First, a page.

Alison Gaylin:If I Die Tonight
Jane Harper:The Lost Man (Flat
Jennifer Hillier:Jar of Hearts
Naomi Hirahara:Hiroshima Boy (Prospect
Lisa Unger:Under My Skin
(Harlequin – Park Row Books)
Best First Novel:
Oyinkan Braithwaite:My Sister, the Serial Killer
John Copenhaver:Dodging and Burning
Delia Owens:Where the Crawdads Sing
(G.P. Putnam’s Sons)
Catherine Steadman:Something in the Water
C.J. Tudor:The Chalk Man
Laird R. Blackwell:The Metaphysical Mysteries of
G.K. Chesterton: A Critical Study of the Father Brown Stories and Other
Detective Fiction (McFarland)
Margalit Fox:Conan Doyle for the Defense:
The True Story of a Sensational British Murder, a Quest for Justice, and the
World’s Most Famous Detective Writer (Random House)
Leslie S. Klinger:Classic American Crime Fiction
of the 1920s (Pegasus Books)
Michelle McNamara:I’ll Be Gone in the Dark: One
Woman’s Obsessive Search for the Golden State Killer (HarperCollins)
Laura Thompson:Agatha Christie: A Mysterious
Life (Pegasus Books)
Sarah Weinman:The Real Lolita: The Kidnapping
of Sally Horner and the Novel That Scandalized the World
The award, which honors the memory
of pioneering African-American crime fiction author Eleanor Taylor Bland with a
$2,000 grant to an emerging writer of color, was created in 2014 to support
SinC’s vision statement that the organization should serve as the voice for
excellence and diversity in crime writing.
2019 Ned Kelly Award Longlists
Crime Writers Association
announced the longlists for the 2019
Ned Kelly Awards. The complete lists are at the link.
Star Crossed, a role-playing game by Alex
Roberts, published by Bully Pulpit Games
The Diana Jones Award is given to the person, product, company,
event or any other thing that has, in the opinion of the Diana Jones committee,
best demonstrated the quality of ‘excellence’ in the world of hobby-gaming in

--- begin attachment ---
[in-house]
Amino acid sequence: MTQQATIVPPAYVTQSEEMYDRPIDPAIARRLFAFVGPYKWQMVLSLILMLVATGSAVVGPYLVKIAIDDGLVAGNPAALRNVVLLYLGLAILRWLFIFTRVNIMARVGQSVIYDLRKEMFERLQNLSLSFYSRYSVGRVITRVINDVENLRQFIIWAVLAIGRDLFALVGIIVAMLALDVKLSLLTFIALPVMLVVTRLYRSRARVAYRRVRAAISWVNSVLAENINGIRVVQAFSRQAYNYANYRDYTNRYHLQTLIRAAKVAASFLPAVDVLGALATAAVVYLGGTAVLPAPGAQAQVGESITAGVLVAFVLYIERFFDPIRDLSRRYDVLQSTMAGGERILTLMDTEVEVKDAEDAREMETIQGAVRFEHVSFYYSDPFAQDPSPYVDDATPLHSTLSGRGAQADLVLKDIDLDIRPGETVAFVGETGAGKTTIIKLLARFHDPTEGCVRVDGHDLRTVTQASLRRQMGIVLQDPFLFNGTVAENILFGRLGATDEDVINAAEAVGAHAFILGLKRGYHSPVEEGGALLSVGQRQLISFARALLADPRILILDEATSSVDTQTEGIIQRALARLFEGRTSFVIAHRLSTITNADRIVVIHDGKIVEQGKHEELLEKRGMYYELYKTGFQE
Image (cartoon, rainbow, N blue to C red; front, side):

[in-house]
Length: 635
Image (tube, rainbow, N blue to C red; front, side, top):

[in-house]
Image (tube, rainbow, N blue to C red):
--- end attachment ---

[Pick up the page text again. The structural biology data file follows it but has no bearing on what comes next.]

the previous year.
The 2019 finalists for the Joan
Aiken Future Classics Prize, named for the late
sff author, were revealed July 29. Publisher A.M. Heath and Lizza Aiken,
Aiken’s daughter, launched the competition in 2017 to find a standout new voice
in middle grade children’s fiction. This is the second time the award will be
Fiona Longmuir – The Museum of Emily
Pippa Lewis – The Glass Butterfly
Andrea Fautley – Frost Spell
Lucy Steeds – The Map of Lost Lands
Louisa Cowell – The Second Snowfall
The judges for the
prize are Julia Churchill, children’s book agent at A.M. Heath, and Lizza
Aiken, daughter of Joan Aiken and curator of her Estate. They considered over 400
Julia Churchill said, “The response was brilliant. As ever, it
was such a fun process, there’s so much talent out there. This year’s shortlist
is packed with great concepts and heart, voice and freshness. Lizza and I will
spend the next week or so working out our winner. It will not be easy.”
Lizza Aiken commented “It is fascinating to see how new writers
have been influenced by Joan Aiken’s books – either in their use of locations,
or imaginary worlds, or in descriptions of the special relationships formed by
friends in difficult situations. Our shortlist shows some real talent – it’s
just tantalising not to have seen how all the stories end!”
Apart from Aiken’s general comment, whether any of these are genre
books is unknown, as no description of the stories was included in the
The goal of the
award is to find “a standout junior novel. It could
be contemporary or fantastical, it could have the makings of a series, or be